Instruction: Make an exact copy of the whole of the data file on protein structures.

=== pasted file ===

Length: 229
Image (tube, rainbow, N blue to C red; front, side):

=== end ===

Length: 229
Image (tube, rainbow, N blue to C red; front, side):